Griiip, a startup company, designs and manufactures innovative race cars targeted at the entry level racing categories. Griiip implements new technologies with an emphasis on affordability while creating a new racing experience for all. Using IoT and Augmented Reality (AR) is a significant part of the company's strategy to change motorsport. Suppling users and consumers with all the data they need, directly and right-on-time, will enable them to operate independently without intermediary entities. This case study demonstrates how Griiip uses the sensors installed on its G1 race cars to collect, analyze, and present data benefiting and increasing the effectiveness of each participant throughout the cars' life cycle: engineering, operations, service, marketing, sales and, most importantly, the drivers and fans.
Innovating an Industry
Being based in Israel, a country with no motorsports, has forced the startup to think about things differently and take advantage of new technologies. Griip was founded in 2013 with a mission to 1) Bring motorsports back to the people (although it’s a big sport, it’s become very expensive and out-of-reach for aspiring drivers), and 2) Use race cars (specifically single-seat Formula 1 cars) as a catalyst to innovation for the entire industry.
Griip first looked at the future of the industry, what type of car could they develop within 2-3 years that would have a market, users who would want to drive the vehicle? Their market research showed motorsports in Europe as a pyramid structure, with Formula 1 at the top, and Formula 4 at the bottom (drivers work their way up from Formula 4 to Formula 1). The level below Formula 1 is known as Karting, the “base level” of motorsports, all drivers go through Karting. The cost of Karting per year is about $50K, while the cost of Formula 4 is about $300K, leaving a gap where Griiip could fulfill a need. Two years ago, Formula 4 didn’t even exist, so the cost gap was even bigger between Formula 3 and Karting ($700K vs $50K).
Our task is to close the hole on the staircase from Karting to Formula 1…The first step is to close the gap between Formula 3 and karting and bring the cost down to under $100,000 per yearGerhard Berger President of the FIA single seater commission ‘Autosport’ magazine, 21.3.2013
Solution: Lower the Cost of Racecars with IoT & AR
However, Formula 4 racing was a failure, for 2 reasons:
1) The race cars were low-cost and not fast, therefore the sport wasn’t interesting to drivers or fans
2) Costs weren’t controlled, they failed to keep the costs under $100K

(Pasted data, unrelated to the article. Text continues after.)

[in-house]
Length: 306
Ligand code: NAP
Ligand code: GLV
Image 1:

So Griiip looked for a new category and found it in the U.S., Formula 1000 (1000 comes from the volume of the engine of the car). The car is aerodynamic, looks good and provides value for the drivers.
It also closes the cost gap between Karting and Formula 4, coming in at about $100K/season.
Formula 1000 – Griiip G1 Series – IoT & AR Applications
The Griiip G1 gives drivers the information he needs to make decisions without relying on an entire team of people. All race cars have sensors on them to measure brake pressure, speed, acceleration, coolant temps, etc. The G1 sensors take that data and transmits it to the cloud, using the ThingWorx platform, where the data can be analyzed by drivers, engineers and fans/followers (to change the way they experience motorsports.
Using IoT and AR capabilities impacts a variety of segments:
The driver uses this data to:
- Improve driving capability, changing inputs to adjust how he’s driving.
- Look at how to set up a new car
IoT and AR are used to improve the servicing of the car through:
- 3D Parts Navigation
- 3D Alerts Service Repair
- Parts Search & Service Information
- Pit Crew Dashboard
Using an IoT-Central Control System, engineers can:
- Monitor all cars at Griiip headquarters
- Build normative vehicle health profile based on real data
- Detect anomalies and provide design feedback
Fans & Followers
Racing can often be boring, because no information is going to fans who are attending, and they feel left out. Now, for races that Griiip cars are participating in, data can be given to spectators through their mobile devices, changing their racing experience.
The first racetrack in Israel is now being built, and Griiip’s goal is to build a tech center for automotive engineering to be further involved in the future of motorsports in the country.